Eswatini farmers growing cannabis known as ‘Swazi gold’ may face economic ruin after its main source of income, neighbouring country South Africa, legalized the private growth and consumption of their country, reports Reuters.

"I need some money from ganja (cannabis), secondly this thing is a game like to me because I farm and sometimes some cops come and burn it," said Mbuso, a farmer who has been growing cannabis for fourteen years in the country formally known a Swaziland.

Mbuso is just one of scores of farmers in this small kingdom who depend on high demand for their potent cannabis strain.  They sell a gram of cannabis for about R7, that is then smuggled into South African and Mozambique where it is typically sold for about 10 times the price it was bought.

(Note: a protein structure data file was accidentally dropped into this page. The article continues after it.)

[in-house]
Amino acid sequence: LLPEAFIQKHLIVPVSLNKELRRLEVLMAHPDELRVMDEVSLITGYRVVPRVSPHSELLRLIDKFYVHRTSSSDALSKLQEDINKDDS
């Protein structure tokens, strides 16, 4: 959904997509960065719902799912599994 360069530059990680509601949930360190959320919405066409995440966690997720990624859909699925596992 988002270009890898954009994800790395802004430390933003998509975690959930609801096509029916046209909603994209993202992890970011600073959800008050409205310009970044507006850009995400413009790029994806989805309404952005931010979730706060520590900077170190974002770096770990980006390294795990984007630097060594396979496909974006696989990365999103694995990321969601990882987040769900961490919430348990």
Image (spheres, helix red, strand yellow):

Thanks to South Africa’s recent legal amendment they fear it could choke their business who are mostly private users.

"I need the money from the ganja (cannabis) to make something bigger on my field at home to grow maize and beans you see. And I had to grow this first and harvest it and sell it and go farm at home." he said.

A Florida-based company, Profile Solutions Inc. recently received a coveted 10 year license to produce and sell hemp and medical grade cannabis in Eswatini.

But small-scale farmers like Mbuso are still being prosecuted, detained and having their crops of recreational marijuana burnt.

While subsistence farmers like Mbuso worry about their future, a few African governments are waking up to the potential of a legal cannabis industry.  Lesotho became the first country in Africa to legalise the production of marijuana for medical use last year.

In April, four South African companies obtained licences to supply medicinal dagga from the South African Health Products Regulatory Authority (SAHPRA), the regulatory body responsible for granting cultivation and export licences. 

Read now: How to get a licence to grow dagga for the export market

The UN reports that over 10,000 tonnes of cannabis is produced in Africa every year.

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